Called to the Work of Reparation
Our Lord, in every age of the Church’s life, calls souls to the work of reparation, that is, to repair what is broken, to shore up what is falling down, to make solid again what is crumbling. One need only recall the promises of God made through the mouth of the prophet Isaias:

And the places that have been desolate for ages shall be built in thee: thou shalt raise up the foundations of generation and generation: and thou shalt be called the repairer of the fences, turning the paths into rest. (Isaias 58:12)

Saint Francis of Assisi
Saint Bonaventure, in his Life of Saint Francis, gives what is, I think, a compelling account of a vocation to reparation:

For on a certain day, when he had gone forth to meditate in the fields, he was walking nigh the church of Saint Damian, which from its exceeding great age was threatening to fall, and, at the prompting of the Spirit, went within to pray. Prostrating himself before an Image of the Crucified, he was filled with no small consolation of spirit as he prayed. And as with eyes full of tears he gazed upon the Lord’s Cross, he heard with his bodily ears a Voice proceeding from that Cross, saying thrice : “Francis, go and repair My House, which, as thou seest, is falling utterly into ruin.” Francis trembled, being alone in the church, and was astonied at the sound of such a wondrous Voice, and, perceiving in his heart the might of the divine speech, was carried out of himself in ecstasy. When at length he came unto himself again, he prepared to obey, and devoted himself wholly unto the behest to repair the material church ; howbeit, the principal intent of the message had regard unto that Church which Christ had purchased with His own blood. (Saint Bonaventure, Life of Saint Francis, Chapter II)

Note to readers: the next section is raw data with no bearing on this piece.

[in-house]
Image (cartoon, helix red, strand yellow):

Initially, Saint Francis understood that he was to repair the material fabric of San Damiano and of other small churches around Assisi. He set about collecting stones, repairing walls, and beautifying the churches he repaired. The whole life of Saint Francis was, I think, a deepening of the initial call to reparation. When Saint Francis preached, it was by his words that he repaired the Church. When he taught his disciples the way of life that was to be theirs, it was by the simplicity of his reliance on the promises of the Gospel that he repaired the Church. When he nursed lepers, visited the sick, and gave food to the hungry, it was by his works of mercy that he repaired the Church. When Saint Francis spent long night watches in prayer, repeating over and over again, Deus meus et omnia, he was, by this prayer, repairing the Church. Saint Francis’ extraordinary care and reverence for the Body of Christ in the Most Holy Sacrament of the Altar was, in effect, a continuous act of reparation, one with his love for the Mystical Body of Christ, even in the most disfigured and broken of His members.

Eucharistic Reparation
Dominican Father Augustine Thompson’s book, Francis of Assisi, A New Biography, presents compelling evidence that the great abiding passion of Saint Francis was for the Most Holy Sacrament of the Altar, and this in direct continuity with the call he heard in the beginning: “Francis, go and repair My House, which, as thou seest, is falling utterly into ruin.” A kind of Eucharistic fire blazes forth in Saint Francis’ Letter to All the Friars: